Additionally, as a curated MSA, the Reference MSA and Reference Panel can be subsampled for use in answering evolutionary and disease-associated research questions. Furthermore, the Reference MSA can be used as a reference panel for the imputation of mtSNVs. This Reference Panel will enable comparison and combined analyses across datasets of differing age and completeness. The Reference Panel has been packaged into a user-friendly mtSNV imputation pipeline, MitoImpute.

We evaluated how accurately we could impute mtSNVs using our Reference Panel, as measured by the concordance of assigned haplogroups and Matthews Correlation Coefficient of genotypes. Across most microarray datasets, we were able to improve genotype concordance and macrohaplogroup assignment marginally when assigned using HaploGrep2.0 and significantly when using Hi-MC. As HaploGrep2.0 already accurately assigns macrohaplogroups, these results suggest we are successfully imputing phylogenetically informative mtSNVs. Some macrohaplogroups experienced marginal decreases in their correct assignment; however, this does not appear to be biased to any locality outside of Africa. As all haplogroups, except for haplogroups JT and X, experienced an average improvement > 30%, this suggests that the Reference Panel is not biased towards improvement for certain lineages over others. The addition of new sequences to the Reference Panel will only further increase accurate haplogroup assignment in populations or mtDNA lineages that are still underrepresented. We also tested the practical use of our Reference Panel by imputing mtSNVs in the ADNI dataset, demonstrating that the Reference Panel and imputation pipeline can successfully impute genotypes and, in some instances, dramatically increase the correct macrohaplogroup assignment. Given that there are 499 samples in the ADNI genotyping dataset that were not re-sequenced in subsequent phases, this demonstrates the utility of our Reference Panel for long-term studies that need to bring their older, incomplete dataset to the same standard as newer, complete datasets.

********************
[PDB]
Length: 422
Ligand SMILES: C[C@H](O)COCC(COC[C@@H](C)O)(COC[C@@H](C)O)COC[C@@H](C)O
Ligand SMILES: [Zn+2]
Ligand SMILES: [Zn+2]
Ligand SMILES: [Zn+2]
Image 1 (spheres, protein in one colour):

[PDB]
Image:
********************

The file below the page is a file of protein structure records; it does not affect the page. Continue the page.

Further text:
Performance testing of the MitoImpute pipeline using microarray datasets revealed a seemingly counterintuitive result; the decrease in imputation accuracy as the khap parameter increases. Increasing the khap parameter increases the number of haplotypes in the reference panel from which IMPUTE2 will impute. We suspect that increasing the number of reference haplotypes beyond 1000 leads to a greater chance of mismatch between the incomplete sample haplotypes and the reference panel haplotypes, particularly in microarray datasets with few mtSNVs. Alternatively, highly diverse reference panels may contain a large number of haplotypes uninformative for imputing variants missing from the study sample, which has previously been noted by [37]. The limitations of the MAF and khap parameters, we suspect, is due to a dearth of mtSNVs in some microarray datasets. Datasets with a small number of variants from which to impute missing mtSNVs will always present this limitation, and we recommend users proceed with caution when using these datasets for subsequent analyses.